Life is a grand and wonderous thing. A condition that is easy to forget when we become mired in the little things like temporary obstacles or immediate gratification. A writer’s job isn’t just to create a fantasy place of escape for the reader. It’s an opportunity to display life’s grand wonder from a perspective that lends insight and understanding into those bigger themes that lie just below the surface of life.
The genre is of little importance. I never tell a horror story or share a zombie outbreak. Those things are just a canvas for the real things I want to contemplate—like love, loss, justice, responsibility, guilt, loyalty, the divine and the human spirit. My written words are just an examination of the contemplations of my own world and the lives of those who share the short journey of life on this little rock in the middle of the vast unknown.
And as the character Sam points out in the The Devil’s Hour, words are a permanent reflection of the writer. A writer may be none of the things he writes about, but at some level he is all of those things. The words always reveal the author if they are true and often reveal even more when they are false.
The novel, the process, the words, the story and all the rest are marked with the writer’s DNA. People often ask, “where do you find these crazy ideas?” “Within me and all around me,” would be the answer if I choose to give one instead of just providing an impish smile and a shrug. Horror writers aren’t often pushed on the subject. I think it’s the reader’s fear that the response might be, “This idea? Oh it’s something I saw under your bed. In fact it’s waiting there for you right now.” Because isn’t the truth that we all have a monster under our bed and many ghosts in our closets who go by names like: regret, guilt, fear, worry, hope,and judgment.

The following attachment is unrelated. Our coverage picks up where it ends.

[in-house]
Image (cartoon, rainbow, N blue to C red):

The writer’s DNA is in every story. And if the work is any good, it contains plenty of the reader’s DNA too. With age and experience the work improves because the best writers can add more and more reality to the fantasy until the story fiction is separated only by a thin wall of fog from non-fiction. Enough mist to cloud the whole truth, but with a transparency that allows full discovery upon closer examination.
So that is the journey of my April A to Z blog challenge. To demonstrate the life that goes into fiction. To show how the person behind the words influences and is influenced by the reality that drives the fantasy. From the daily Action of his life to the influences of the Zeitgeist. In the span of 26 letters over 30 days, it is this writer’s whirlwind tour of the writing experience and all the triumphs and pitfalls that raise and sink the undeniable passion to say something by talking about something else.
It is the path of the funny, the frustrating, the sad, the scary, the true and the ultimate joy of being, in the words of author S.K. Anthony, an official Make-Stuff-Up-er. It’s not about advice on how to be a better writer, it’s about finding those internal things that can hoist us to the heights of Grand Story Teller. Because regardless of fame, fortune, reviews, or book sales, if you put pen to paper or help those who do so, isn’t that the real desire? To be the best you that you always knew you could be. To realize, as Victorian novelist George Eliot said: It’s never too late to be what you might have been.
Categories: A to Z Blog Challenge